Dystopian Cover Reveal: MIXED IN by Catherine Haustein

When passions are regulated, which laws will you break?
 Paperback: March 7th
eBook: March 21st

When Catrina moves to Cochtonville to work as a chemist for Cochton Enterprises, she has no idea how dangerous her life is about to become. A chance meeting with Ulysses, owner of the Union Station bar, plunges her into a world of illegal condoms, vibrators, and art. As their loneliness draws them together, they become allies in what will turn into the fight of their lives in the sexually repressive and culturally backward dystopia. 

Catrina’s invention, No Regrets—a scanner to test for pregnancy and sexually transmitted infections, brings increased scrutiny from the town's Vice Patrol. Headed by an ambitious new agent, Vice Patrol hangs around Union Station, and it’s leader has taken up with Ulysses’s vindictive ex. Catrina’s relationship with Ulysses and her company’s new products put them both in peril as she begins to understand the dark side of her employer, society, and science without humanity.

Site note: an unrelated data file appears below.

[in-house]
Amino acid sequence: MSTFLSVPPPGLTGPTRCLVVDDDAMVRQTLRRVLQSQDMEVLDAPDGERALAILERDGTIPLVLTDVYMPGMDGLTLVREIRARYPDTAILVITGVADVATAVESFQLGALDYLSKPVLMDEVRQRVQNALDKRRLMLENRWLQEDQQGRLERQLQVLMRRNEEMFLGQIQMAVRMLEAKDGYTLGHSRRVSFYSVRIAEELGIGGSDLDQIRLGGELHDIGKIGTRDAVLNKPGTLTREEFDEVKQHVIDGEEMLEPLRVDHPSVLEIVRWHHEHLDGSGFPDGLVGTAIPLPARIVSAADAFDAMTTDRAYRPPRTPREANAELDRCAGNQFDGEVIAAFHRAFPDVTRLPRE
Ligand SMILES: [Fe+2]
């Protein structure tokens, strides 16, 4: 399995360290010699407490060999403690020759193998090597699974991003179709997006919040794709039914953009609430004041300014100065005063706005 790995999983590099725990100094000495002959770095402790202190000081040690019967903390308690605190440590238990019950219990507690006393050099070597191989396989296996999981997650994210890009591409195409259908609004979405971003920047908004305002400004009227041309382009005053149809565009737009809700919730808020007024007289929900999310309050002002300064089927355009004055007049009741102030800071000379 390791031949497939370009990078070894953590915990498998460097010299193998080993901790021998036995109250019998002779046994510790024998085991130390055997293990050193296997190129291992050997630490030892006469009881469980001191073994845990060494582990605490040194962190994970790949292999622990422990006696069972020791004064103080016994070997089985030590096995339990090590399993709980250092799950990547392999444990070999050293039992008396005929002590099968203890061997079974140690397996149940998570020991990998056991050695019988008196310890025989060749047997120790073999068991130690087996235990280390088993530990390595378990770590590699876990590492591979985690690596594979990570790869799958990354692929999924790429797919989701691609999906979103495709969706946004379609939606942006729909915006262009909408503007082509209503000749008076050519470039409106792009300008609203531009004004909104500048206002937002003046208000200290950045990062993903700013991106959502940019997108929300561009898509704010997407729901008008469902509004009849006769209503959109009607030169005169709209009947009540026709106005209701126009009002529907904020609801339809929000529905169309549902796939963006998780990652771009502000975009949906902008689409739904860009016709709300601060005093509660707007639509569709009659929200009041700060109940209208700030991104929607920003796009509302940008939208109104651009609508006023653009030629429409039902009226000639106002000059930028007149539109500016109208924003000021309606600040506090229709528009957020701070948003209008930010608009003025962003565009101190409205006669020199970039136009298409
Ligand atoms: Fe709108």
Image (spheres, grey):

But science is all she’ll have to save the men of Cochtonville from a mortifying fate and Ulysses's life. 

For more about Catherine Haustein find her across the web:

http://sharonmjohnston.com/    https://www.pinterest.com/catherinehauste/https://twitter.com/s_m_johnston

Find a sneak peek of MIXED IN  now!

Creating a beer is much like breeding a dog. Dogs have that one tricky gene, number fifteen, that can cause height variation between five inches and seven feet, more than any other land vertebrate. (Imagine humans ranging from two to over thirty feet tall.) Hops are complicated, having intricate aromas, regional differences, and changing chemistry upon brewing.

Sipping the dark and sylvan house ale, I studied the wavy-haired bartender. A pretty man with smooth skin, a dark mustache, and little sideburns, he resembled Nikola Tesla, who despite his love for frequency and vibrations, was said to have died a virgin.

I’d taken refuge in Union Station bar after my bus broke down as I rode it home from work. Officials in black bomber jackets and belts covered with devices that hung like pinecones walked past the window. I hadn’t seen that black uniform before. Those belts loaded with technology told me something. I was in what Cochtonville considered a bad neighborhood.